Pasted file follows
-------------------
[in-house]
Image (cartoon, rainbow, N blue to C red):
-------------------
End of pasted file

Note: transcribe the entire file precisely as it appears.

[in-house]
Image (cartoon, rainbow, N blue to C red):